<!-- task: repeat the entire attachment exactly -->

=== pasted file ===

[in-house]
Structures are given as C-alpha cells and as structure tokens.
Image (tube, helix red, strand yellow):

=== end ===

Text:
[in-house]
Structures are given as C-alpha cells and as structure tokens.
Image (tube, helix red, strand yellow):